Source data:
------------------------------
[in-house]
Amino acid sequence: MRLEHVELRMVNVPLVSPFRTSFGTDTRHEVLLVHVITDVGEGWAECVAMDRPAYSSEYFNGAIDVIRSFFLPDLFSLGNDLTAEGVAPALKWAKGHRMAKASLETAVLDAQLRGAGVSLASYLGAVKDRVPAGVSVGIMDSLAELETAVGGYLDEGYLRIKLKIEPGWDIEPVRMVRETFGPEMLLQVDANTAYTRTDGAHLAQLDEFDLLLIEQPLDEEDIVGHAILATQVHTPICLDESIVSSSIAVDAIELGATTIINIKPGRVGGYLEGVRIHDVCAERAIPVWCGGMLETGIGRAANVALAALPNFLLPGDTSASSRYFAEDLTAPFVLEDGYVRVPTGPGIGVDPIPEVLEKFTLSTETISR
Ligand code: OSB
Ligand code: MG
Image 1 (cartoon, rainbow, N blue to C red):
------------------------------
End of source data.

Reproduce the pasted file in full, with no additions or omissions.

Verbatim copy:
[in-house]
Amino acid sequence: MRLEHVELRMVNVPLVSPFRTSFGTDTRHEVLLVHVITDVGEGWAECVAMDRPAYSSEYFNGAIDVIRSFFLPDLFSLGNDLTAEGVAPALKWAKGHRMAKASLETAVLDAQLRGAGVSLASYLGAVKDRVPAGVSVGIMDSLAELETAVGGYLDEGYLRIKLKIEPGWDIEPVRMVRETFGPEMLLQVDANTAYTRTDGAHLAQLDEFDLLLIEQPLDEEDIVGHAILATQVHTPICLDESIVSSSIAVDAIELGATTIINIKPGRVGGYLEGVRIHDVCAERAIPVWCGGMLETGIGRAANVALAALPNFLLPGDTSASSRYFAEDLTAPFVLEDGYVRVPTGPGIGVDPIPEVLEKFTLSTETISR
Ligand code: OSB
Ligand code: MG
Image 1 (cartoon, rainbow, N blue to C red):